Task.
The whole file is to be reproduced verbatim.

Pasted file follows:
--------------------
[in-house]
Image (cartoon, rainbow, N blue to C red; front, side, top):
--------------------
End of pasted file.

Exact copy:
[in-house]
Image (cartoon, rainbow, N blue to C red; front, side, top):